I know Twilight wasn't demo'ed a lot at the booth (I did squeeze a couple in along with Imp), but thats pretty much what I had set up to happen at the TCG hall. We scheduled a slew of 2 hour slots, from 10 to 10, and had a few folks man the tables. This made a very nice, open way for folks to come in, get a full game (or several!) in without being rushed. It accounted for about half of my sales. I tried to make sure that when people were interested in checking it out, all they needed was a generic ticket for the next event and they were ready to go. On top of offering a drawing at the end of the day, we had a decent draw.
Next year, I'm planning on getting a room one way or another anyway, because of the tournament structure I want to get rolling on. First couple days will be placement events for later events, which are to be a part of a Storyline event, but at the same time I'm going to keep up with the 2-hour "long demo".
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Nate Petersen / daMoose
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Blankshield
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« Reply #7 on: August 26, 2005, 04:14:15 PM »

Part of the issue is that, whether actively promoted or just perceived, the booth is the place to be.

Folks don't want to go anywhere else, because they're here pretty much for the forge, and nothing else.  So while the dealer's hall is open, that's where they are.  I'm quite certain that this:

Me, "Hey, should we get some folks together and play a game somewhere?"
Random Forgerino, "Well, um, I wanna get in a demo of Game X in a bit."

Totally reads in my mind as:
"Let's go do something cool!"
"But...but... the cool stuff happens here!"

Fix that, and you fix the booth crowding, the lack of gameplay during the day, and probably something else at the same time.

The downside is that it then becomes work to be a booth monkey instead of a priviledge, and the attrition rate climbs.

James
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Eric Provost
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« Reply #8 on: August 27, 2005, 11:59:26 AM »

Fantastic stuff!

One problem.  The subject of this thread is getting players from the games I will be running back to the booth to buy games.  Not to get buyers out to play them.

To reiterate:

I will be running official, in the books, buy yerself a ticket indie games at GenCon and Origins next year.  Along with a slew of smaller cons between now and then.  Suggestions on getting players who dropped in on DitV or tMW (or anything else I run) as noobies to run out and buy a copy of the game immediately?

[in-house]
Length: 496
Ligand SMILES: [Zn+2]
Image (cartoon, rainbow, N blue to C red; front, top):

I mean, I'm gonna be running the games.  That's in stone from my pov.  Now I'm offering the designers of the games I love the opportunity to make a couple sales from my sessions.

And maybe others will spread out and start running indie stuff on the books at these games, infecting others with their kewlness and furthering the sales of indie designers even further.

-Eric
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Judd
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« Reply #9 on: August 27, 2005, 01:14:02 PM »

I will certainly try to figure out a way to balance being a boother next year with running some on-the-books games.

I know that the two gamers who played Dogs who didn't own the books ran to the booth and bought it after our game.

A player in the Sorcerer game had the main book but I saw him with the three supplements, & Sword, Soul, Sex.

The GM's of IGE could make it a habit to get back to the booth to let folks know how it went.  They could offer to go with the gamers at their table.

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Mike Holmes
Acts of Evil Playtesters
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« Reply #10 on: August 29, 2005, 01:16:47 PM »

James, you're right, but I just don't know how to combat the effect in question. That is, again, it's baffling to me when I ask somebody to play cool game X for 4 hours, and they say that they want to hang around the booth to wait for three hours to get to play a demo of the game for twenty minutes.

One problem.  The subject of this thread is getting players from the games I will be running back to the booth to buy games.  Not to get buyers out to play them.
Eric, I'm talking strictly about forge people here. That is, I do not, and would not ask potential buyers to come play a game. What I'm talking about is grabbing the excess Forge folk, who don't need to be sold on the games present (heck they probably already have purchased them), and taking them to play.

That is, what the problem is at the booth is that we have lots of folks who hang out there socially. When it needs to be a business operation in terms of play. If you want social play, there should be somewhere to go where we're all hanging out waiting for it to happen.

I specifically avoided being a member of the booth this year so that I could pick up and go when I wanted to do so. So I found it a bit agravating when people standing around the overloaded booth wouldn't head off with me to play a game. It's like James says, people know that play is happening here. If they go off with you, then maybe it won't happen (this can only mean that people don't know me very well...)? Anyhow, again, if there were a second location that didn't have anything to do with selling per se, where we Forgefolk could hang out and get into the sorts of games we like, I think it would solve a lot of problems.